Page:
How Domino Games Can Help Students Learn to Read and Write
Domino games are fun for all ages, and can help to stimulate memory, dexterity, and social skills. They can be played in the home, in senior centers and in the community.
One of the simplest domino games is Draw, which requires just two to four players to lay seven dominoes face down in a boneyard. The first player takes turns to place a domino, then the other players take their turn. The game ends when either player has played all of their dominoes or the game is blocked.
A standard domino set is usually made up of 28 tiles, though larger sets are available. Each tile carries a value on each side (called pips or spots) and is divided into two squares called ends. The number of pips on each side varies from six to none.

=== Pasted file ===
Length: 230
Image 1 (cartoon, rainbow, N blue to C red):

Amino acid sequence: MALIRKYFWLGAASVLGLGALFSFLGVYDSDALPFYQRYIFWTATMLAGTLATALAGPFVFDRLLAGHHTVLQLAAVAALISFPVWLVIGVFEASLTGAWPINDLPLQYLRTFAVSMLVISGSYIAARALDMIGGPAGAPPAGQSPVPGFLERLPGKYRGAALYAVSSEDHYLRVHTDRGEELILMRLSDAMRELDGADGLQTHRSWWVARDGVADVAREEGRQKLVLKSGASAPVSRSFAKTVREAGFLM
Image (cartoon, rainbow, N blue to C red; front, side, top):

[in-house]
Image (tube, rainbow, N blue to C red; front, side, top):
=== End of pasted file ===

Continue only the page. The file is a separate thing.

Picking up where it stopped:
There are many different types of dominoes, including Chinese, European and American styles. Chinese dominoes are known for their military-civilian suit distinctions and duplicates, while European sets do not feature these distinctions.
The most common commercial dominoes are double-six (28 tiles) and double-nine (55 tiles). Larger sets are also available.
Playing dominoes can be a great way to help students learn to read numbers. This is particularly true for students who have visual impairments or struggle with reading small numbers.
This is a very simple math game that can be adjusted for various grade levels or student needs. The goal is to build a decimal number by using all of the dominoes.